U.S. Supreme Court
Burbank v. Ernst, 232 U.S. 162 (1914)
Burbank v. Ernst
Argued .January 15, 16, 1914
Decided January 26, 1914
232 U.S. 162
Where the jurisdiction of the court rendering the judgment depends upon domicile, that question is open to reexamination in the court of another state asked to give the judgment full faith and credit as required by the federal Constitution. Andrews v. Andrews, 188 U. S. 14.
Where the evidence as to domicile of the deceased is conflicting and the state court is warranted in finding that the court of probate of another state did not have jurisdiction to probate a will because the domicile of deceased was not in that state, this Court will not retry the facts, and under the facts, as found in this case, the decree of probate is not entitled to full faith and credit in another state.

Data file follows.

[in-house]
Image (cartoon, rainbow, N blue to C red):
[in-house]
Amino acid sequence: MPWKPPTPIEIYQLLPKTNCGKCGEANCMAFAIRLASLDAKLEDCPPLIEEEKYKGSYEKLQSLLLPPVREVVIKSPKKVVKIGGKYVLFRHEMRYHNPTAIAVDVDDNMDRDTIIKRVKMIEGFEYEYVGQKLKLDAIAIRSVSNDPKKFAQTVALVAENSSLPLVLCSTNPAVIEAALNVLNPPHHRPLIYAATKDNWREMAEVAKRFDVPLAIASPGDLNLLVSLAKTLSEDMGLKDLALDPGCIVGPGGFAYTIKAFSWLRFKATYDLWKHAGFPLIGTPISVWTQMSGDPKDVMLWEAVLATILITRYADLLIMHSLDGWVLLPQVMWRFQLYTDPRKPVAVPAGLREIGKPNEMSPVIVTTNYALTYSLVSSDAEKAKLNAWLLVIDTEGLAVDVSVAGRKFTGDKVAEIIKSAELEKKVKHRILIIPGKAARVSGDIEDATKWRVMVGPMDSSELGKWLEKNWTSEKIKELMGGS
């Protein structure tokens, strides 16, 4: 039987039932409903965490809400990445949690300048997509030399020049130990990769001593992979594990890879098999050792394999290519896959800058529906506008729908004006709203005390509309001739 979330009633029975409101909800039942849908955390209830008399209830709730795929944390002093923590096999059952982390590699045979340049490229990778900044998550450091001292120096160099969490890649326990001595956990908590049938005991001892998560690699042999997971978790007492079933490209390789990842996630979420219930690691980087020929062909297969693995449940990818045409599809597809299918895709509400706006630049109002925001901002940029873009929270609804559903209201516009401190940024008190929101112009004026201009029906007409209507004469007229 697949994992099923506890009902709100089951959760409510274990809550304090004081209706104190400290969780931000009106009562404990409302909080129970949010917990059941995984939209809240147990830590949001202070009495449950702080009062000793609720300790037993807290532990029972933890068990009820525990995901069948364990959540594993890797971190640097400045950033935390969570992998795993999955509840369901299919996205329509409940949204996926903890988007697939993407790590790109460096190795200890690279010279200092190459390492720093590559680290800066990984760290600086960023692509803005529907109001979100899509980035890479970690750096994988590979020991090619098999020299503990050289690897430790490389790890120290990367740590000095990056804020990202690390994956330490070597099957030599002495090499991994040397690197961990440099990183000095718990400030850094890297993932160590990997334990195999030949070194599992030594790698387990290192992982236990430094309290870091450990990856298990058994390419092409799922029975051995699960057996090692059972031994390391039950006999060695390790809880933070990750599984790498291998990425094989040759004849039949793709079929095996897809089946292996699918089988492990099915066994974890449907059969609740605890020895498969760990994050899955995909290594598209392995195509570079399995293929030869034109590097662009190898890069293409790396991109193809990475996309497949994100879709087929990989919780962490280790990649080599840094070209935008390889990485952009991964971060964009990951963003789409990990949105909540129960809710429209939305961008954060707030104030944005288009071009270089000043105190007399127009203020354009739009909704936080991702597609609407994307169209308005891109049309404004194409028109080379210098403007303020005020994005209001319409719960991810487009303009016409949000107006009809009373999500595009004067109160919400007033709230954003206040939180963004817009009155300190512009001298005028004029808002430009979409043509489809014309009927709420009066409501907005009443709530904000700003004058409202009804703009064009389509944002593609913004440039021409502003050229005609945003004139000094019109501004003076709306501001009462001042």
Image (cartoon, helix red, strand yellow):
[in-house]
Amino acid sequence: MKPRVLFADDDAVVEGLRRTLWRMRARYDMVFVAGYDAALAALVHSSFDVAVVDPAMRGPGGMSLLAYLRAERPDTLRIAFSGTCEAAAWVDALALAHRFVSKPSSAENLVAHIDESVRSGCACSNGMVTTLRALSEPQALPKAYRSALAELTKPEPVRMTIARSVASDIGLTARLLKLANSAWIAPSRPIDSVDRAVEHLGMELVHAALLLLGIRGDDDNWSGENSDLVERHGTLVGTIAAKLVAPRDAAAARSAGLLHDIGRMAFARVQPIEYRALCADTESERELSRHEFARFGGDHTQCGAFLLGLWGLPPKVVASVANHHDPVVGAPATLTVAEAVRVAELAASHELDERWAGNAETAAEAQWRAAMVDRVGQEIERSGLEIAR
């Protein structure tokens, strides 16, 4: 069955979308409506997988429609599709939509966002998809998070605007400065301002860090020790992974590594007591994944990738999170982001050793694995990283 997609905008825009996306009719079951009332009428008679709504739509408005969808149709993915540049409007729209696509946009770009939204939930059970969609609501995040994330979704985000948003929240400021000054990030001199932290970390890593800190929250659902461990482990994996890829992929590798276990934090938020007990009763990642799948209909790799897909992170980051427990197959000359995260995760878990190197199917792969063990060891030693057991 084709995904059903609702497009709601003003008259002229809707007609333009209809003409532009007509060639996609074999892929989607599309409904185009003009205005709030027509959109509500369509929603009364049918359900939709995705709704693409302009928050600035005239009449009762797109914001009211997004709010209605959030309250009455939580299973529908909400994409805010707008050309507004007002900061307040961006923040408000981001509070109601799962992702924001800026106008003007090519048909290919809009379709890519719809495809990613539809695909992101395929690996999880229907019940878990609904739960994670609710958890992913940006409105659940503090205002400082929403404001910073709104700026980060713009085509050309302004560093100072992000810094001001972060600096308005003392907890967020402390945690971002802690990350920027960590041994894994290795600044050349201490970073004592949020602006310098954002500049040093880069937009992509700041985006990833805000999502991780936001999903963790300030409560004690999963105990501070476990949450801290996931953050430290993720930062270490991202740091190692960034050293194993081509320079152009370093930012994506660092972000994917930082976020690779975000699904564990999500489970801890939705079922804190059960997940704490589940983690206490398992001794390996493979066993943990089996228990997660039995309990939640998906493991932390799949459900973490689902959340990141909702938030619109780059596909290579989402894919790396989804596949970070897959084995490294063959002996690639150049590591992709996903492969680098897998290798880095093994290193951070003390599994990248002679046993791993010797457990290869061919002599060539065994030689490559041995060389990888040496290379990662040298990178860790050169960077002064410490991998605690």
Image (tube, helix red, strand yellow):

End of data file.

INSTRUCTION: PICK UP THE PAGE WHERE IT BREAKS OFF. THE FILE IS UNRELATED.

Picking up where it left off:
Where the headnote of a decision of a state court is not given special chanroblesvirtualawlibrary
force by statute or rule of court, the opinion is to be looked to for original and authentic grounds of the decision.
129 La. 528 affirmed.
The facts, which involve the validity of a judgment of the Supreme Court of the Louisiana, and the determination whether that court was required to give full faith and credit to a judgment of the probate court of Texas, are stated in the opinion.